Google tacks post-roll ads onto YouTube videos

October 2, 2008

youtube In a new attempt to turn a profit on its flagship video product, Google has started tacking post-roll video ads onto the end of YouTube videos. These video commercials only appear on sponsored content and run any time users don’t click on an overlay ad.

The majority of the content on YouTube is still free of ads, with an estimated four percent of the content being provided as sponsored video with revenue share agreements. These videos are already displaying overlay ads that pop over the bottom of the video.

If a user watches the video and does not click on the overlay ad, a post-roll video commercial will begin immediately after the video ends. Some viewers are frustrated that Google would do so as a punishment for not clicking on the overlay ad.

Google has been looking for a way to monetize YouTube traffic since it acquired the startup two years ago. After shying away from pre- and post-roll ads because of their intrusiveness last year, Google started using small overlay ads that appear at the bottom of certain videos.

The largest video Web site in the world had initially shunned video ads after finding that 75% of users were unhappy with them. However, Google has reversed their stance somewhat in an attempt to turn a profit on YouTube.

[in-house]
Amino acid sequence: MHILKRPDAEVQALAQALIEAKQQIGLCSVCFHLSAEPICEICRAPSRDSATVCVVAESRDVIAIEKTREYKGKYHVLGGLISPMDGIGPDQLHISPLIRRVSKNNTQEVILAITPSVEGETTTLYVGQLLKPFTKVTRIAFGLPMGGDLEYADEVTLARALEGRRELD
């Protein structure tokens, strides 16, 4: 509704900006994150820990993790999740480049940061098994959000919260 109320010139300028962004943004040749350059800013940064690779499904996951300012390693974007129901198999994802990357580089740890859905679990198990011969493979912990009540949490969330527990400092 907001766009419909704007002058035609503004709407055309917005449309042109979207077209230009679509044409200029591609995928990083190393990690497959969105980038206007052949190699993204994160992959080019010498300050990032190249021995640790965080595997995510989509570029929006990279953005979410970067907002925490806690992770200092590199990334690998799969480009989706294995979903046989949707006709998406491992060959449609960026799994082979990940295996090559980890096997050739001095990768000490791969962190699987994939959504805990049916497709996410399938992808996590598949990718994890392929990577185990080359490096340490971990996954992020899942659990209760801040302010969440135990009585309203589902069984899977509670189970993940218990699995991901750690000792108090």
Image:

It’s important to note that YouTube only places ads onto videos from their premium content providers. These companies have a revenue share agreement in place with the video site and provide content such as trailers or other video clips.

This content represents a paltry small portion of the videos uploaded to YouTube on a daily basis. Users might wonder how long it will be until Google begins running ads over their video content on YouTube. It will be interesting to see whether Google extends the revenue share offering to individual content producers as well.

Be Sociable, Share!

2 Responses to “Google tacks post-roll ads onto YouTube videos”

  1. Norm:

    People need to stop expecting everything for nothing.
    A 20 second ad at the beginning of the video is ok with me and should be for everyone else.

  2. Dave Jeyes:

    I think that overlays and post-roll are good ways not to interrupt a user’s experience though. I’m frankly surprised they don’t put them on every video.

Leave a Reply:

Recent stories

Featured stories

RSS Windows news

RSS Mac news

RSS iPad news

RSS iPhone & Touch

RSS Mobile technology news

RSS Tablet computer news

RSS Buying guides

RSS PS3/Wii/Xbox 360

RSS Green technology

RSS Photography

Featured Content


Copyright © 2014 NS